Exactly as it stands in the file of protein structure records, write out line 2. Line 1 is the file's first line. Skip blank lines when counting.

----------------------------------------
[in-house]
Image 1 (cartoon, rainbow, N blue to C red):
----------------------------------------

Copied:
Image 1 (cartoon, rainbow, N blue to C red):